If they can hack the firmware, this camera could be a big deal for videographers and indy filmmakers. Moire and aliasing suppression, better quality output, improved per-pixel resolution and good high ISO performance.
bradleyg5: Yawn, wake me up with they hit F/0.8. f0.95 is not terribly impressive when you only have to produce an image circle 1/4th the size of fullframe. sure the intensity of light is high, but the total amount of light passed through the lens is not worthy of that price tag.
It's ONLY the diameter of the aperture and nothing else at all. It's hard physics. Longer and brighter lenses have less DOF only because their diameter is bigger. Shorter and dimmer lenses have more DOF only because their diameter is smaller. Cropping is completely irrelevant. Take a shallow DOF photograph and crop it in Photoshop. The DOF will not change, no matter how much you crop it.
To estimate how much DOF you will have, take the focal length of your lens and divide it by the relative aperture number. Hence, a 58/2 lens will have an aperture of 29 mm on all the camera formats ever invented. The DOF will be the same regardless of weather you've mounted it on a mobile phone or a full frame camera. Only the magnification of the picture will be different.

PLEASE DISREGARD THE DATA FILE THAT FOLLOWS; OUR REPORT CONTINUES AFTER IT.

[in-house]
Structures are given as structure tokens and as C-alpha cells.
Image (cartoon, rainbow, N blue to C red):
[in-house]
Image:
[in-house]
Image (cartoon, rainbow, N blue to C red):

@REapper DOF depends on one thing only -- the diameter of the aperture. This is therefore in all respects the same as a 17.5 mm f/0.95 lens on a full frame camera, only the image circle is smaller and you need to crop the image. Cropping, however, doesn't reduce DOF or the amount of light falling on the same area of the sensor. It just changes the apparent focal length.
JMartinP: I think her arguments are brilliant! I'll use this for my next salary negotiation. "Since I only work one day a week, I should make at least five times more per hour than my colleges working full time"
"And then, after I've spent all my money, I'm left with no profit. That's how hard my job is!"